Table 3 continued
Family Genera Crop Crop wild relatives
Primulaceae Talinum Talinum portulacifolium (Forssk.)
Asch. et Schweinf.
Talinum portulacifolium (Forssk.) Asch. et Schweinf.
Ixora Ixora coccinea L. Ixora brachypoda ne.
Rutaceae Citrus Citrus aurantifolia (Christm. et
Panzer) Swingle
Citrus aurantium L.
Citrus limon (L.) Burm. f.
Citrus maxima (Burm.) Merrill
Citrus medica L.
Citrus reticulata Blanco
Citrus sinensis Osbeck
Sapindaceae Blighia Blighia sapida Ko
¨nig Blighia unijugata Baker
Blighia welwitschii (Hiern) Radlk.
Sapotaceae Synsepalum Synsepalum dulcificum
(Schumach. et Thonn.) Daniell
Synsepalum brevipes (Baker) T. D. Penn.
Synsepalum glycydora Wernham
Synsepalum passargei (Engl.) T. D. Penn.
Solanaceae Capsicum Capsicum annuum L.
(Chinense Group)
Capsicum annuum L.
(Chillies Group)
Capsicum annuum L.
(Bird Pepper Group)
Capsicum annuum L. (Sweet
pepper and paprika Group)
Lycopersicon Lycopersicon esculentum Mill. –
Nicotiana Nicotiana tabacum L. –
Solanum Solanum aethiopicum L. Group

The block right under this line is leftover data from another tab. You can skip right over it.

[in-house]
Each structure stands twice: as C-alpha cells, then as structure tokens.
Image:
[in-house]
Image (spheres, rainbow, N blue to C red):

Gilo
Solanum aethiopicum L. Group
Shum
Solanum distichum Schumach.
Solanum macrocarpon L.
Solanum melongena L.
Solanum scabrum Mill.
Solanum tuberosum L.
Solanum americanum Mill.
Solanum anguivi Lam.
Solanum anomalum Thonn.
Solanum dasyphyllum Schumach. et Thonn.
Solanum sisymbriijolium Lam.
Solanum terminale Forssk. subsp. inconstans (C. H.Wright) Heine
Solanum torvum Sw.
Tiliaceae Corchorus Corchorus olitorius L. Corchorus aestuans L.
Corchorus fascicularis Lam.
Corchorus tridens L.
Corchorus trilocularis L.
Zingiberaceae Costus Costus afer Ker Gawl. Costus spectabilis (Fenzl) K. Schum.
Genet Resour Crop Evol
123
harvested plants: case-study for Portugal. Genet Resour
Crop Evol 55:779–796
Brehm JM, Maxted N, Martins-Louc¸a
˜o MA, Ford-Lloyd BV